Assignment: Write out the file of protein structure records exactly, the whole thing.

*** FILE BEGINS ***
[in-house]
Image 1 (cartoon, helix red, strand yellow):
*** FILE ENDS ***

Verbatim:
[in-house]
Image 1 (cartoon, helix red, strand yellow):